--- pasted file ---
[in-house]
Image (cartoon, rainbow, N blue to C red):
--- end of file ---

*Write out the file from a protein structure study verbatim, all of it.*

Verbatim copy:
[in-house]
Image (cartoon, rainbow, N blue to C red):